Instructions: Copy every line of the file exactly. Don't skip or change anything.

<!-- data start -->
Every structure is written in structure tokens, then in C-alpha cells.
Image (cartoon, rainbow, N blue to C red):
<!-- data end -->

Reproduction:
Every structure is written in structure tokens, then in C-alpha cells.
Image (cartoon, rainbow, N blue to C red):